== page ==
• The boiler died about 12 years ago and you replaced it then.  The current one is old but not old enough that failure is imminent.  It won’t be a plus to a buyer but if it is working you can probably get away with it okay (You may want to spend a couple hundred bucks to have it serviced to show it is working fine).
  • The windows are 20+ years old but they are vinyl and not old single pane wood with broken pulleys.  Again it is not a selling point, but no need to replace them if there aren’t any issues.
  • The exterior siding is vinyl and in good shape still.  The color isn’t anything crazy so that isn’t a worthwhile expense in this situation either.  If it is a dirty looking, especially if it is a lighter color, it might be worth getting a power wash just to make it shine.  You can rent one for minimal cost and do it yourself in an afternoon most likely.

Final Costs vs. Rewards:

So the estimated bill for all the work you did to this house is a whopping $73,093 with an expected return of $58,829.  This is only an 80.5% return on that investment.  What it will hopefully do for you is let the place sell much faster at the appropriate price point.

That is a benefit beyond the money but what are the drawbacks.  One thing is you will be living in a construction zone for at least a couple months during the work.  Even with a quick retail sale that has few hitches if will take a minimum of 30 days to sell it (Offer accepted the first day on market and not a single hang-up leading up until the closing, both unlikely).  Of course the big one is – What if you don’t have $73K to do the work????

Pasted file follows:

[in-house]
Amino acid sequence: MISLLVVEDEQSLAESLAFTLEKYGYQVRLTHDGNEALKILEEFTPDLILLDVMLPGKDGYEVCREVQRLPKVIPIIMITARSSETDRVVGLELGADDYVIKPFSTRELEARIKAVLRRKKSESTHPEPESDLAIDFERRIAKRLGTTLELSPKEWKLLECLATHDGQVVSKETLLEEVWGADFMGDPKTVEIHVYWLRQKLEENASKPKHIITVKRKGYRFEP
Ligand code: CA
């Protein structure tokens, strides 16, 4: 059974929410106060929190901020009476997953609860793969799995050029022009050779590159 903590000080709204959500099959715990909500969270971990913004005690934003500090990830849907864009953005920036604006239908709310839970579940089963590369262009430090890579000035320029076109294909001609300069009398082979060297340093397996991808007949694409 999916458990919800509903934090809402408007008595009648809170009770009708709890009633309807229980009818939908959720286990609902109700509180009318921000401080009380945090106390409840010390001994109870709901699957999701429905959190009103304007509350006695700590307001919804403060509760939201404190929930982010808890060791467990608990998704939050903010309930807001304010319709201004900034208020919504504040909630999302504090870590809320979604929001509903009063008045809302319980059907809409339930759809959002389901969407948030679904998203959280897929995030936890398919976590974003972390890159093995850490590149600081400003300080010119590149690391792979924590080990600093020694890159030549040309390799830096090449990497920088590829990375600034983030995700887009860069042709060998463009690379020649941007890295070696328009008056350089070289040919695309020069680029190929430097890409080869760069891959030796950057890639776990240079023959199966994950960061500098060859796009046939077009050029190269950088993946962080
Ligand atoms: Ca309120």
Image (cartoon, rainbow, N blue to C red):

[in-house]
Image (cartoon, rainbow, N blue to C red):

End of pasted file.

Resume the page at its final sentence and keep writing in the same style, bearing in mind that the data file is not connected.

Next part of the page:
If you don’t and you put it on the retail market you will have to discount the place much more than the $59K of value you would have added.  Most retail buyers won’t even consider a place that needs that much work.  Even those looking for a fixer upper will want to buy the place at most the value after the repairs less the costs of the repairs, so you will need to price it at the $73K less to start, and hope someone likes it.  Most likely you will have to drop the price and/or wait several months to be able to sell it.

While selling to an investor is not right for everyone one, someone with the 80s house is a very good candidate.  Do you have a dated house that needs a lot of work to appeal to retail buyers?  If you want to sell your house fast and hassle free in its current condition hit the “Schedule a Consultation!” button on the top right of this page to get more information.

 

*Remodeling 2014 Cost vs. Value Report © 2014 Hanley Wood, LLC. Complete data from the Remodeling 2014 Cost vs. Value Report can be downloaded free at www.costvsvalue.com